Now that you are able to create various forward or reverse SSH tunnels with lots of options and even simplify your live with ~/.ssh/config you probably also want to know how make a tunnel persistent. By persistent I mean, that it is made sure the tunnel will always run. For example, once your ssh connection
Category Archives: Command Line Fu
When it comes to the art of SSH tunnelling, there are basically two options where to relay a port to.
You can relay a port from a remote server to your local machine with `ssh -L`, hence called local port forwarding. A very basic use-case is if your remote server has a MySQL database daemon listening on port `3306` and you want to access this daemon from your local computer.
The second option is to make your local port available on a remote server (`ssh -R`). Remote port forwarding might come in handy if you for example want to make your local web-server available on a port of a public server, so that someone can quickly check what your local web-server provides without having to deploy it somewhere publicly.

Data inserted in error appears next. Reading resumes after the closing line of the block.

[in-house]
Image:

When you issue git tag it will show you all tags of a repository sorted in alphabetical order. But actually it makes much more sense to see tags sorted by tagging date. Unfortunately there is currently no such git sub command that accomplishes this easily. So we are going to write our own: Article series
If you want to search files by a pattern and then apply something to the results you have at least two choices. You can use find. -exec or you can pipe the results to xargs. There are also two different choices for find -exec and find | xargs that will have a dramatic impact on